It was around eight or nine in the evening that we posted the video. We didn’t do any promotion. I woke up the next day to find the Weibo account was full of likes, and that the video had been shared by many other accounts. That video was posted to my personal account. The official launch of the DxChannel came later, on August 18, 2016.
Fang Kecheng: With the popularity of the video, did that give you the confidence to start your own business?
Lucia: It wasn’t so much about having the confidence to create a business. It was more the sense of accomplishment that came from doing the video. Knowing that I could tell stories in a way that resonated, or that people could be receptive to the videos.
Because the most significant breakthrough for online video in China in 2016 was Papi Jiang. You could see [from the success of her videos] that people needed an outlet. Other types of entertainment were actually really expensive at that time. Going to see a movie cost sixty to a hundred yuan. People spent a lot of time on the internet reading text-based content with graphics (图文内容). Video content met the demand a lot of people had to just let off steam and be entertained. The episode on Yongkang Road was a bit on the serious side, and it wasn’t short, about five or six minutes long – but still it got a lot of publicity. So I felt more confident that people would enjoy this sort of content.
When I first returned home [from the States], some of the feedback I received was that my perspective might be seen as too elitist. Just because I liked something didn’t mean other people would like it. But when that video came out, it convinced people that I could find an audience.
Fang Kecheng: In terms of style, could you say that that video on Yongkang Road was already in the DxChannel style? For example, in your videos having people at the center is really important, and everyone can follow along with the people in the video.
Lucia: Yes, I think it’s become an essential aspect of our “New Consumer” (新消费) column. It includes real-life visits. You couldn’t say it’s a journalist reporting, but it’s more like you’re following the person, documentary style, to find out what something is all about. We’ll also provide some historical background. And finally, we’ll use infographics to help explain the issue.
We’ve sharpened our skills in terms of content production, but I think the core is the same. We have three words: explore, explain, experiment. We throw some questions out there, and then experiment to seek answers.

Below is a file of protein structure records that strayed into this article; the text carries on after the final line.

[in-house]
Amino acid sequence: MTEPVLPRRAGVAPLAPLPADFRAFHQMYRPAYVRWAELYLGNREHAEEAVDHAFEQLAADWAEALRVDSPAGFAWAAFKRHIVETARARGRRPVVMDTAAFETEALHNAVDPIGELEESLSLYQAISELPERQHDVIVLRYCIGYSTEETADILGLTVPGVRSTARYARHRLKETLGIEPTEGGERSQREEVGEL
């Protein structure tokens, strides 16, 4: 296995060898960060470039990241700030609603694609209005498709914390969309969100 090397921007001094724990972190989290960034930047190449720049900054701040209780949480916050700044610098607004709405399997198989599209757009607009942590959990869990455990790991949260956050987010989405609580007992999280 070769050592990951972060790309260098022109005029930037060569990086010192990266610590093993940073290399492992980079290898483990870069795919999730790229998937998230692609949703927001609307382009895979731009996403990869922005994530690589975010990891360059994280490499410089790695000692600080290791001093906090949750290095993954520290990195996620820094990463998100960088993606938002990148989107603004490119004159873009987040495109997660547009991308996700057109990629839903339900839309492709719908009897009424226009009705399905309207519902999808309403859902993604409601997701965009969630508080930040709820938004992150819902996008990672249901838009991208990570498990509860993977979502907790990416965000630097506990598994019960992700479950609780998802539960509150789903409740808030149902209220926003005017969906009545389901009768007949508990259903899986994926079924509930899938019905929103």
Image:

Fang Kecheng: That’s interesting. It’s also a lot like Vox. But they seem to be more oriented toward the explanatory, and you guys feel more documentary in your approach.
Lucia: I think the essence of our stuff is more like the “Borders” series [at Vox] by Johnny Harris, because he really had a strong persona. He would add a lot of vlog elements, which you can also see in our early videos too.
One of the ways Vox inspired me is that it can actually be quite difficult to get a story across, and it’s hard to ask an interesting question. It’s all about what question to ask. And I think they do an excellent job of that.
Fang Kecheng: Not being a media expert yourself, how did you go about building your team?
Lucia: I think there were three main stages. In the first stage, most of the people who joined me had the same background in social humanities. So relatively speaking, we would be different in our core content selection from those directly doing film. This helped us work out the [unique] nature of our material in the early stage. During the second stage, we were joined by friends who were journalists, directors, and screenwriters. They gradually helped us standardize a lot of things about our editorial process. By the third stage we had friends who had film backgrounds. They took us to the next level in terms of quality and visual style.
Our earliest team was a really amateur team. We all came from strange backgrounds. Our photographer at that time was an economics student, but he liked photography, so he learned on his own. Our screenwriter and director were undergraduates studying accounting. But they all had a fondness and enthusiasm for the content, and their own ideals.
Fang Kecheng: Do you have a production standard – for example, a procedure manual . . . or something like that?
Lucia: Yes. And there’s actually an evolutionary process involved there too. Our first-generation manual was actually a mind map. Very, very simple. But to this day we still use a lot of these core things. We divide our work into several stages including pre-production, filming, pre-processing of data, editing, archiving, content distribution, and project review.
In pre-production, we try to separate this into research and planning. For research, it’s all about what we can actually say about the topic. That is, we’ll have some basic questions to ask our production director. What makes it attractive to you? What questions do you want to return to with this video? What might the talking points be? What are your own ah-ha moments? We ask what our intention is in selecting the topic? And then we ask, then what? What is your takeaway once you know about this topic? In the planning stage, we work out our central theme and what we will experiment with in the story, for example.
For example, we had a video about call ducks. Call ducks are a type of domesticated duck that is kept as a pet. At that time, this was [chosen] because a celebrity had found that their pet duck went missing, and it turned out that someone had cooked it. He explained that the duck was actually very expensive and that it was his pet duck.